The Benefits of Travel

Last month I attended the Mindshop UK Conference in London.
The conference was for 2 days, but given that I needed some “me-time” and that I hadn’t been overseas for a while I decided to take a few days either side and specifically spend most of my time in places that I hadn’t been to before and see some things that I hadn’t seen before.
You’ll find a more detailed post on the specifics of the trip in a separate upcoming post.
I chose to travel alone because it suited my mood – it allows you to be self-indulgent and to wing-it. Make spur of the moment decisions about where you will go and where you will stay. Go with the flow. This mode of travel is not as easy if you have the family in tow. (I wouldn’t have been popular booking that night’s accommodation online with my laptop on my knee in St Pancras station at 9 PM if I had my wife and 3 young children with me !)

I’ve been reading a few of Paul Theroux’s books recently and I share his sentiment that it’s not just about the destination – the journey is also important.
I also agree with him that modes of travel other than air can be fun – I too like rail travel – and sometimes it is the seemingly simple, mundane things that delight, rather than the blockbuster tourist sites.

Some recent research by Cornell University Psychologist Thomas Gilovich suggests that a holiday gives more enduring happiness than a purchase.
This seems to be partly because holiday memories don’t deteriorate with age (in fact the memories get rosier) and also because the experiences are so personal and we are less likely to feel inferior about an “experience” than an “asset”. It is easier to have car or flat screen TV envy than holiday envy.

You will hear more about this sort of thinking as we progress through this period of austerity.

Research also suggests that:

* It’s not the length of the holiday but what we do with it.
* It’s not how relaxing it was but more how intense the experiences were.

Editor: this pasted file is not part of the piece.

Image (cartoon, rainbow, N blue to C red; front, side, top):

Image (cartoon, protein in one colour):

* An interruption – e.g. a day or two of work in the middle of the holiday may make the experience better.
* The end of the holiday is important – leave a good bit for last.
* Savour the anticipation of the holiday – it’s a key part of the overall enjoyment.
* Keep some memory triggers – e.g. photos, journals to enable you to revisit the experience in years to come.

Apart from anything else I felt that my sub-conscious was triggered to go to work. The answers to some issues that I had been struggling to resolve could be worked through. The pathway forward was very clear.

One Response to The Benefits of Travel

  1. Rod Wallbridge October 4, 2010 at 11:47 am #

    G’day Andrew!

    Yes, a holiday is a good thing and should be mandated for all people working. As an audit technique, I always look up the holiday entitlements and anyone who hasn’t taken a holiday in over about 18 months earns an extra hard look at the work that they do.

    It’s not just because of the risk that they may have defalcated and don’t want anyone to take over the work and perhaps find the fiddle whilst they are on holidays, but because the human mind will not continue to work well without relief and mistakes will be made.

    As you discovered, removal from the mundane, the spur of new stimuli and doing different things differently will free up a swag of blocked neurones and refresh the brain power.

    I’m working on taking a family holiday to UK / Europe in 2012 to be at Oxford when my Esmerelda gains her degree in Philosophy, Politics & Economics. Have to book in advance for that, I imagine!



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